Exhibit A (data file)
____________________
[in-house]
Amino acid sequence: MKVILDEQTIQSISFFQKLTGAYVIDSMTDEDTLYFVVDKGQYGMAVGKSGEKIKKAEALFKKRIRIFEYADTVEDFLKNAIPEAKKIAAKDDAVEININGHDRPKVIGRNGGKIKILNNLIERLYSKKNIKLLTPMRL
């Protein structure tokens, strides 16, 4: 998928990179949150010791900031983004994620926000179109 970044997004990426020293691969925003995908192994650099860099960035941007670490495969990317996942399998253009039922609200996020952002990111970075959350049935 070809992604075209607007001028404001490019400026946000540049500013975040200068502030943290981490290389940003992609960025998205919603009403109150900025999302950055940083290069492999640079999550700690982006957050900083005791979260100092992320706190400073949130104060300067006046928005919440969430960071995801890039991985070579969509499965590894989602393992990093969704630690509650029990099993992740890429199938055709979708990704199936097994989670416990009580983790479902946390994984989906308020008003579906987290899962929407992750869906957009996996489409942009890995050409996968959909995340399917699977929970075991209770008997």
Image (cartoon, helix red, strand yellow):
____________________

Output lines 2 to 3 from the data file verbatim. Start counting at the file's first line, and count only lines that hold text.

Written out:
Amino acid sequence: MKVILDEQTIQSISFFQKLTGAYVIDSMTDEDTLYFVVDKGQYGMAVGKSGEKIKKAEALFKKRIRIFEYADTVEDFLKNAIPEAKKIAAKDDAVEININGHDRPKVIGRNGGKIKILNNLIERLYSKKNIKLLTPMRL
């Protein structure tokens, strides 16, 4: 998928990179949150010791900031983004994620926000179109 970044997004990426020293691969925003995908192994650099860099960035941007670490495969990317996942399998253009039922609200996020952002990111970075959350049935 070809992604075209607007001028404001490019400026946000540049500013975040200068502030943290981490290389940003992609960025998205919603009403109150900025999302950055940083290069492999640079999550700690982006957050900083005791979260100092992320706190400073949130104060300067006046928005919440969430960071995801890039991985070579969509499965590894989602393992990093969704630690509650029990099993992740890429199938055709979708990704199936097994989670416990009580983790479902946390994984989906308020008003579906987290899962929407992750869906957009996996489409942009890995050409996968959909995340399917699977929970075991209770008997």